Social Institutions and Health Inequalities: A Cross-National Perspective
Megan Beckett, RAND
Marc Elliott, RAND
Marika Suttorp, RAND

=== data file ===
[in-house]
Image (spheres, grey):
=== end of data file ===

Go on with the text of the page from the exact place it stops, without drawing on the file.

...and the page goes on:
This paper uses nationally representative samples of adults over 50 from the United States, United Kingdom, and ten European countries to address two objectives: (1) assessing the association of national social and health policy (e.g., measures of income replacement for unemployment, healthcare access and quality, and Esping-Anderson typology) with health inequalities and (2) assessing whether these associations support derived hypotheses about the causal relationship between SES and health. Our approach takes advantage of the substantial variation in country-level social welfare policies and benefits, using data from the Health and Retirement Survey, English Longitudinal Study of Ageing (ELSA), and the 2004 Survey of Health, Ageing, and Retirement in Europe (SHARE). Preliminary results suggest that the extent of heath inequalities by income is more strongly related to broader social policy, such as income replacement rates for unemployment, than it is to health policy, such as health care benefits.